The new farrier's work...what do you guys think? *pic heavy!*
   

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The new farrier's work...what do you guys think? *pic heavy!*

This is a discussion on The new farrier's work...what do you guys think? *pic heavy!* within the Hoof Care forums, part of the Horse Health category
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    05-19-2012, 09:24 PM
  #1
Super Moderator
The new farrier's work...what do you guys think? *pic heavy!*

Yesterday the new farrier (yes, a legitimate farrier, haha) came out.

I very much liked how he was with Lacey, respected her age but also didn't let her bully him (she likes to be a passive aggressive jerk to her farriers - cocks a hind foot while the front ones are being worked on and "has to" lean on the farrier, etc, stuff she doesn't ever do with me, just farriers). She can get nervous if she's rushed or scared by whatever is happening but he was very respectful of her and she was a true lady.

I saw some things I wasn't sure about, like he did a little trimming on her soles to "give her hoof some more concavity to get her up off the gravel", he rasped her hoof walls a bit, and he did reference dampness causing softer soles - making horses more ouchy, like my previous trimmer said (and like you guys said was hogwash...), but overall I think he did a job worthy of $30...
Lacey seems very comfortable as well, I didn't see her sidestep off a piece of gravel (up by her feilds gate, there's a lot of small gravel and a few large gravel chunks) once today and usually she does it at least once while I'm there.


He was also super impressed with her hooves. He said that he hasn't see a horse with hooves as hard as hers in quite a while. He really had to work to cut her excess hoof off. Hah!

He did say that she has a small hoof bruise in her right hoof (the black front one) but he felt that with all the gravel she's ridden on, that was par for the course.
I forgot to ask him, but can you guys tell me how long hoof bruises are usually painful (I assume they're painful?) for? If I was going to pick a front foot that she was ouchier on, I would have to say that for the last month or two, she's been ouchier on that right front hoof.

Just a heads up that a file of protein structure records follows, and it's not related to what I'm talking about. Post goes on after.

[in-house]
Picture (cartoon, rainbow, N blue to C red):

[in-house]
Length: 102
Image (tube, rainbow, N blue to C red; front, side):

I would figure, to encourage quick healing, I probably should keep her off the gravel until that's all healed up?


I'm so sorry but it totally slipped my mind to do "befores" yesterday. I can tell you that the flares left by the other trimmer were looking pretty sketchy.
I'll link to my Picasa album for her hooves so you can refresh your mind as to what she looked like after the last trim. This trim yesterday was about 4.5 weeks out from that other "shoddy" trim.

https://picasaweb.google.com/1116720...NXXkJa0icvitQE


New trim (it's also in that album but I'll post them here too for those who might not want to have to go searching):

Left front:








Right front:







Left back:







Right back:











What do you think?
He said she has really great hooves and he wasn't worried about them really at all... ?



Also, should I be concerned at all about those little gaps between her sole and the hoof wall? I figure that's just flare growing out but I don't know, no one seems to be very worried about it? Just me...


Thanks! :)
     
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    05-19-2012, 09:55 PM
  #2
Weanling
I had my horse trimmed by a natural farrier who said he didn't need shoes. At first I was very impressed by the bowl shaped hoove that lifted the sole off of the ground. Unfortunately, after a week his hooves started chipping and were banged up so bad I had no choice but to put shoes back on him. When I did he threw a shoe a week later cause the hoof was so damaged. I wish you the best of luck, I hope your horse has stronger hooves than mine.
     
    05-19-2012, 11:09 PM
  #3
Started
Not remembering what her feet looked like before (sorry, i'll admit to being lazy and not clicking on the link), i'd say these feet look nice for being what they are (given your recent worries, etc.). I'm not the biggest fan of how the soles look but i'm not sure I can put my finger what it is exactly that I don't like but there's something. It's not so "bad", per se, that I would worry but it's not something I like either. Know what I mean?